Bendigo Pioneers midfielder Jye Caldwell learnt some hard lessons about dealing with injury during his top-age TAC Cup season.
The 18-year-old Golden Square (Bendigo FL) product is hoping AFL clubs have seen enough of his talent ahead of the 2018 NAB AFL Draft on November 22-23 after a string of injuries played a part in restricting him to just three TAC Cup games this year.
184cm Caldwell’s toughness was on show in Bendigo’s Round 2 loss to the Murray Bushrangers when he recorded 26 disposals, seven tackles and a goal. However, he was sent to hospital a week later with bruising on a kidney following a collision in the AFL Academy’s clash with North Melbourne’s VFL team.
Caldwell was soon appointed Vic Country’s co-captain (alongside highly-rated Geelong Falcons draft prospect Sam Walsh) but injured his hamstring in the team’s first match of the AFL U18 Championships. He returned for the Pioneers late in the season but then suffered another hamstring injury in their Wildcard Round loss to the Bushrangers.
“I was feeling pretty shattered that I’ve missed most of my draft year and playing in the nationals,” Caldwell said at the recent AFL Draft Combine.
“I’m not glad, but I’m happy it happened this year because I knew how to deal with having injuries and being resilient. I thought I did that really well.
“When I did the first hamstring against the Allies, I was looking very sad on the bench. I remember getting my head knocked in and being told: ‘You can’t look sad on the bench because it brings everyone else down.’ From then I made sure I had a positive attitude about it.”
Caldwell was still able to help the Vic Country midfield group from the boundary for the rest of the U18 Championships, relishing the chance to work on his leadership skills.
The self-described “hard nut” was also aiming to improve his speed away from contests to complement his ability to win the ball in them, but hasn’t taken the field often enough to build the fitness required.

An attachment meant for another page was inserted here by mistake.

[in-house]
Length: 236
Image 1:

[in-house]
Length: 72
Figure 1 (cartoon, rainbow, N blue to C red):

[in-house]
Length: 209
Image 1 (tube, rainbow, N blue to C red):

“I hope AFL clubs see how you come back from an injury and if you’re resilient or positive about it, but I’m not quite sure,” Caldwell said.
“I reckon I take a lot of care in my body now and what my body is like and what I need to do to look after my body.
“I’ve learnt that what you put in is what you get out and that doing the extras – your recovery, your rehab – is important. Your body is your tool; you have to look after it.”
THE AFL DRAFT WATCH ‘FAST FIVE’ with Jye Caldwell
Why should an AFL club draft you?
“I am pretty competitive. I like the quickness of AFL football and how tough it is.”
What is the funniest or weirdest question you’ve been asked by an AFL club?
“Probably by Collingwood; they asked if I was Steve Smith, how would I address the cricket team after the ball-tampering situation. I struggled a bit with that one.”
Who is your football idol?
“Joel Selwood (Geelong). I feel like I play like him a fair bit. He is a very good leader and I strive to be like him.”
Who will be selected with pick no.1 in the 2018 AFL Draft?
“Sam Walsh (Geelong Falcons). He gives everything his all. He trains very hard, he is good on the football field and is just a good person as well.”
Which of your 2018 teammates should also be in draft consideration?
“Hopefully Noah Wheeler. He works pretty hard, is vice-captain of the team and is a good bloke as well.”